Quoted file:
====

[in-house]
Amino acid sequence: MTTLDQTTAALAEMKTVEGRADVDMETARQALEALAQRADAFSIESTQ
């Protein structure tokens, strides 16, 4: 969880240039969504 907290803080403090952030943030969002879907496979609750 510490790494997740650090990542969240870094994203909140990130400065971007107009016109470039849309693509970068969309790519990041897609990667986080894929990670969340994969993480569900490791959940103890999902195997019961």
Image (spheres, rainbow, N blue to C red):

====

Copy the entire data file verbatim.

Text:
[in-house]
Amino acid sequence: MTTLDQTTAALAEMKTVEGRADVDMETARQALEALAQRADAFSIESTQ
């Protein structure tokens, strides 16, 4: 969880240039969504 907290803080403090952030943030969002879907496979609750 510490790494997740650090990542969240870094994203909140990130400065971007107009016109470039849309693509970068969309790519990041897609990667986080894929990670969340994969993480569900490791959940103890999902195997019961």
Image (spheres, rainbow, N blue to C red):